Exclusive: Kennedys blockchain white paper – Reinventing insurance for the mobile generation

Kennedys is fast distinguishing itself as a law firm leader when it comes to blockchain. In this white paper, sent first to Legal IT Insider in the legal sector, the UK top 40 firm looks at how blockchain technology offers the potential to break down many of the structural issues that have created frictions and a lack of trust in insurance markets and gives examples of its current uses. The paper is packed with useful information from basic explanations around blockchain, to how how it can solve privacy issues, and it highlights some of the innovations taking place in the insurance sector that are relevant whether you work in the sector or not. Blockchain, Kennedys points out, is no longer about experimentation.
In the face of threats to the traditional business model and inevitably fearing their own ‘Uber moment’, insurance companies have been working to embrace a startup culture and invest in new technologies including blockchain – establishing substantial incubation and accelerator funds. These include Aviva’s £100 million venture capital fund – ‘Aviva Ventures’, AXA’s €100 million incubator – ‘Kamet’ and Allianz’s €430 million fund and incubator – ‘Allianz X’.
A number of new products have begun to emerge. Take US start-up Lemonade – a technology first and legacy-free insurance offering. Launched in September 2016 and powered by artificial intelligence and behavioral economics, Lemonade’s peer to peer (P2P) offering is based on small groups of policyholders that pay premiums into a claims pool. If there is money left in the pool at the end of the policy period, members get a refund.
Traditional insurance companies are also under threat from the likes of Google and Facebook, which have huge potential to leverage their warehouse of personal data to compete with incumbents. However, GDPR and the current political climate mean that there is a heavy focus on how data analytics are being applied – including by the likes of Facebook and Google. Step in Blockchain, which offers the potential to conduct online transactions without the need to give up control over our personal data. And rest assured, the $4.5trillion-dollar insurance market is not resting on its laurels.
Take a look at the paper (by clicking on the image above left) for a really concise summary of some of the latest blockchain initiatives, opportunities and risks, here are some of the key findings:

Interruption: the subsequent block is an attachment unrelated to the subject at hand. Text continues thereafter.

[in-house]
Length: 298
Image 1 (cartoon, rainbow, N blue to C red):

– One key issue blockchain can address with insurance contracts is the underlying principle of utmost good faith (uberrimae fidei). The principle means that every person who enters into a contract of insurance has a legal obligation to act with a standard of honesty greater than that usually required in most commercial contracts. It also means the insurer is required to trust they are being told the truth during disclosure by the policyholder. By contrast most other contracts are based on the principle of ‘let the buyer beware’ (caveat emptor), which means the buyer assumes the risk that a product may fail to meet expectations or have defects.
– Applying blockchain technology to contracts of insurance and personal data can be stored once to the blockchain with consumers able to control who has access. The data itself remains stored on the user’s personal device. Even then that data is often just verification data from a third party.
– Like all new technologies, there are issues and risks. Bugs in the code that supports blockchain and Smart contracts can be extremely costly. In June 2016, one third of a venture-capital fund was lost to unscrupulous users who exploited a vulnerability. During a pilot of blockchain enabled ‘Flight Delay’ insurance, decentralised insurance platform startup Etherisc allowed customers to buy insurance for past flights – thus guaranteeing a payout.
– The final big win for blockchain centres on fraud. In the UK, the ABI estimates that insurance fraud costs approximately £2.1 billion per annum. The figure for France is £3.9 billion per annum and in the USA, fraud is said to cost the industry over $80 billion a year across all insurance lines (5-10% of claims costs for US and Canadian insurers).